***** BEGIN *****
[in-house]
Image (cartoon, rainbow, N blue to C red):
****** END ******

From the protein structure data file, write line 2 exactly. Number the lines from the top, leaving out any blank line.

Image (cartoon, rainbow, N blue to C red):